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Unlocking Secrets of the Creative Brain: UH Research Cited in National Geographic Article on Picasso

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Rashda Khan
Girl with a Mandolin (Fanny Tellier, 1910) By Pablo Picasso - wordpress, PD-US, https://en.wikipedia.org/w/index.php?curid=38782663
Girl with a Mandolin (Fanny Tellier, 1910) By Pablo Picasso - wordpress, PD-US, https://en.wikipedia.org/w/index.php?curid=38782663

National Geographic explores the brilliance and creativity of Pablo Picasso in an April article titled “How Picasso’s Journey From Prodigy to Icon Revealed a Genius.” A trailblazing, legendary artist, Picasso revolutionized the art world during his lifetime and continues to awe and inspire to this day.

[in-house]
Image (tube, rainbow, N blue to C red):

The article mentions UH Cullen College’s Jose Contreras-Vidal, Hugh Roy and Lillie Cranz Cullen Distinguished Professor of electrical and computer engineering, who is conducting groundbreaking research at the intersection of the arts and neuroscience.

With funding from the National Science Foundation, Contreras-Vidal studies what happens inside of the brain as individuals create and contemplate art. In connection with this ongoing research, Contreras-Vidal and his team have recorded the brain waves of various artists – a painter, a dancer and a musician – while they created and performed to understand unique brain activity. His team has also peered into the minds of museum-goers while they viewed art exhibits and children while they played the popular computer game “Minecraft.”

Watch a video about Contreras-Vidal's research here.

Read the National Geographic article here.

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